To buyers, the Bank of New England had all the allure of a toxic- waste dump. The nation's third-largest bank failure, BNE collapsed in January, 1991, after losing $600 million over the previous two years. With the region's economy in free-fall, busted companies and vacant real estate had buried the bank in bum loans. The chance of ever making money from Boston's BNE seemed laughable.
In a federal auction for BNE, Providence's Fleet Financial Group Inc., which submitted the top bid of $625 million, had only two rivals: Bank of America and Bank of Boston Corp. "If everyone knew then what we know now, there would have been 50 bidders," says an ebullient Terrence Murray, chairman of Fleet.
He may be right. Little more than a year later, BNE is generating healthier profits than many people had thought possible. Following the BNE acquisition, Fleet's earnings exploded (chart). On Oct. 21, Fleet reported third-quarter earnings of $72 million, with $31 million coming from former BNE banks located in Massachusetts and Connecticut. Fleet now forecasts that BNE will contribute as much as $200 million in profits in 1993. Even better, the BNE purchase has made Fleet the largest bank in New England, with $45 billion in assets, up from No. 4.
FDIC MOP-UP. True, Fleet has had some help. The banking industry is bouncing back nationwide, by exploiting the spread between the extremely low interest it now pays out for deposits and the higher-yielding Treasuries it has been investing in. Fleet has also benefited from the extraordinarily generous terms allowed by the Federal Deposit Insurance Corp. in the BNE sale. Citing the huge size of the failure, the FDIC absorbed all losses related to BNE's sour loans, set up a special "bad bank" separate from Fleet to hold these loans, and paid Fleet to liquidate them. Insulated from the lousy loans, Fleet had little trouble absorbing BNE's remaining assets. "The results are nothing less than spectacular," says Jeffrey L. Cohn, a banking ana-lyst at Boston's H.C. Wainwright & Co.
The real key to Fleet's success, though, was cutting costs quickly--not an easy task at a monster such as BNE, New England's No. 2 bank before it failed. Up till then, BNE had amassed $32 billion in assets by acquiring 41 banks over 10 years. It boasted New England's largest retail branch network and a huge share of the region's business loans. But it also had a confusing mishmash of back-office computer systems.
Fleet consolidated the computer systems, including BNE's six computerized deposit systems, which are now one. What's more, it closed one-quarter of BNE's 323 branches. And Fleet fired almost half of the bank's 11,000 employees. As a result, there has been a $350 million reduction over 15 months in BNE's $775 million in overhead costs.
Murray's previous experience in folding operations together has come in handy. His dress rehearsal was in 1987, when he acquired Norstar Bancorp in Albany, N.Y., a bank nearly as big as Fleet at the time. Murray, a stocky Harvard University graduate brought up in a mill town near Providence, has shown a deft touch at making regional expansion work. After a spate of other acquisitions, Fleet now has banks in five New England states, plus New York. He was among the first to centralize certain back-office functions, such as cash-management systems. He also successfully diversified Fleet into nonbanking operations, including the country's second-largest mortgage-servicing company and a large student-loan-processing unit.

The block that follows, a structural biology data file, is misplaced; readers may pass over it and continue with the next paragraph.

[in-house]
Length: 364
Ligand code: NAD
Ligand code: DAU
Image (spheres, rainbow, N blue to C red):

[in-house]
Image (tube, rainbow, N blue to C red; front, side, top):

UPROAR. All of this has been good news to Fleet's shareholders, most notably Kohlberg Kravis Roberts & Co., the New York investment firm that put up $283 million to back Fleet's bid in return for a 12% stake. KKR hasn't cashed in its profit yet, but there's bound to be plenty. On paper, KKR has nearly doubled its money.
Not everyone was so fortunate. Many of BNE's former borrowers, for example, had a real hassle. Although current on their loans, they ended up dumped into the FDIC-created, Fleet-managed bad bank, RECOLL Management Corp., because the value of their collateral had fallen below the loan amount. Fleet's attempts to call those loans triggered an uproar, so it backed off and now is trying to restructure instead of liquidate many of the loans.
Fleet has other problems unrelated to BNE. Nonperforming loans are not declining as fast as those of its competitors. Nonperformers fell by 6% in the third quarter, to $1.4 billion, but at neighboring Shawmut Bank they fell by 20%, and at Bank of Boston by 17%. Fleet is planning a quick fix: selling $500 million in rotten loans over the next few months to investors.
If Murray pulls that off, Fleet will have even greater financial flexibility to buy into new markets. "We want a broad base of profit centers," he says. He is eyeing bank purchases in the Midwest or the Mid-Atlantic region, where he sees better prospects than in his home area. With luck, they'll be less of a challenge than Bank of New England.